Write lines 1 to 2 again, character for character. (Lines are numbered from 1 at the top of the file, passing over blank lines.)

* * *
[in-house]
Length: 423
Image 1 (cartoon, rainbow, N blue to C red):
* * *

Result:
[in-house]
Length: 423